Chronic bronchitis / Chronic obstructive bronchitis – continuous coughing with consequences
Chronic bronchitis is a long-term disease of the respiratory tract. Coughing does not stop when the patient recovers from a common cold or after the usual two-week period. Typical symptoms include frequent coughing with whitish, sticky mucus, which is expelled in large quantities, especially in the morning.
The primary cause of chronic bronchitis is smoking. But bacteria (Haemophilus influenzae and Streptococcus pneumoniae) can also cause chronic bronchitis. The same holds true if the airways are exposed to dust, gases and vapours for extended periods of time, as is the case for some workers. With chronic bronchitis, the mucous membranes of the bronchi thicken.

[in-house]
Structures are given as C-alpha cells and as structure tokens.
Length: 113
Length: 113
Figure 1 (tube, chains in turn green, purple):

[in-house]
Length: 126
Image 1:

More secretion – i.e. mucus – is formed. In producing this mucus, the body is trying to counteract the contamination (by cigarette smoke, bacteria or dust) and to rid itself of the intruders. At the same time, however, continuous irritation disables the cilia (microscopic hairs) which are supposed to carry away the mucus. Over the long term, they are completely destroyed.
The bronchi are now permanently inflamed. This has devastating consequences: the wall of the bronchi becomes thin and unstable. If strong exhalation occurs, the bronchi collapse. This renders breathing difficult. The case of chronic bronchitis has now become a case of chronic obstructive bronchitis (COPD).